Used 2014 Hyundai Accent Sedan Review
With handsome styling, above-average performance and solid build quality, the 2014 Hyundai Accent represents a strong choice for a small sedan or hatchback in the increasingly competitive subcompact car class.
As traditional compact cars get bigger and more expensive, well-equipped subcompacts like the 2014 Hyundai Accent sedan and hatchback are moving in to take their place. Priced comfortably under $20,000 when new, the Accent is one of many strong contenders in its class. Although it's considered entry-level, this Hyundai seldom feels that way in normal driving, where you're more likely to notice its spacious interior, smooth ride and respectable acceleration.
Like many of its rivals, the 2014 Accent comes in both sedan and four-door hatchback body styles, and in either case, there's enough headroom and legroom for adults to sit comfortably in both the front and rear. Although Hyundai doesn't offer as many high-tech features as some competitors, the Accent's cabin is attractive and well built. It also stays pretty quiet during highway travel, contributing to the impression that this is a truly grown-up small car.
Typical for a subcompact car, power is provided by a rather small 1.6-liter four-cylinder engine. Acceleration is quicker than average for this class, though, and the available six-speed automatic transmission is a particular bright spot, as it shifts smoothly and unobtrusively. The Accent's EPA fuel economy ratings are also very good (it gets 31 mpg combined with either of its transmissions), but we've had difficulty hitting these mpg targets in our testing.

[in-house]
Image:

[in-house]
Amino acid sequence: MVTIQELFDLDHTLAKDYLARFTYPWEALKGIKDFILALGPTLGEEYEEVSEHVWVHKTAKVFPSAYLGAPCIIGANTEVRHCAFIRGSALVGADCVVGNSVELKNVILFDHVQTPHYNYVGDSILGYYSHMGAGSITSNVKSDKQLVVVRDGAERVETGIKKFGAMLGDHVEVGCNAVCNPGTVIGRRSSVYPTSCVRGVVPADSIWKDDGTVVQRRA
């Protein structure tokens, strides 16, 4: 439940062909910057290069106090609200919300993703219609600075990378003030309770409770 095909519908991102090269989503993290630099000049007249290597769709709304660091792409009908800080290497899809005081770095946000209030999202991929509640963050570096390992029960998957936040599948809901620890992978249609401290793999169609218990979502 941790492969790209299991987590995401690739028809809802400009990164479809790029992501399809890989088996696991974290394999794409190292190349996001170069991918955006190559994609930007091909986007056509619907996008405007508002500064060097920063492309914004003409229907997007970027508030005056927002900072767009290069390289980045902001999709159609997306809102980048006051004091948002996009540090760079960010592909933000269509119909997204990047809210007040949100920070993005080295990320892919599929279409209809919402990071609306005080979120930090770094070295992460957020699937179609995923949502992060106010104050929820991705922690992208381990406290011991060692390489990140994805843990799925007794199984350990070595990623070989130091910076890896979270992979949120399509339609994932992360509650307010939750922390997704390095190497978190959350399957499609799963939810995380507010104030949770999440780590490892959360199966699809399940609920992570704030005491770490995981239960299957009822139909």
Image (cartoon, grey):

Of course, the 2014 Hyundai Accent isn't your only option for a subcompact sedan or hatchback. Cars like the 2014 Chevrolet Sonic and 2014 Ford Fiesta are more entertaining to drive (though neither can match the Hyundai's cargo space), while the pricier 2014 Toyota Prius C is worth considering if fuel economy is top priority. If cargo space is what you care about, the Honda Fit hatchback is a perennial favorite, thanks to its multi-configurable rear seats. Meanwhile, the Accent's mechanically similar Kia Rio cousin shares most of the Hyundai's advantages and offers a few more high-end features, including a navigation system, a sophisticated voice control interface and keyless ignition.
Ultimately, the Hyundai Accent sedan and hatchback represent a very good middle-of-the-road pick in this class. With its well-furnished interior, solid performance and attractive design, this car feels like more than the sum of its parts.
trim levels & features
The 2014 Hyundai Accent is offered as a small four-door sedan or four-door hatchback, either of which seats five. The sedan is available only in base GLS trim, while the hatchback comes in GS and fancier SE trims.